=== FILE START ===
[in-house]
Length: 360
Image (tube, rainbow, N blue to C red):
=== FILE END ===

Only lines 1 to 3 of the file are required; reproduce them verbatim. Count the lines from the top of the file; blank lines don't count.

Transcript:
[in-house]
Length: 360
Image (tube, rainbow, N blue to C red):